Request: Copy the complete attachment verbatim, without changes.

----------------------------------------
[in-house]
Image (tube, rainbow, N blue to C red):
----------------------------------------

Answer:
[in-house]
Image (tube, rainbow, N blue to C red):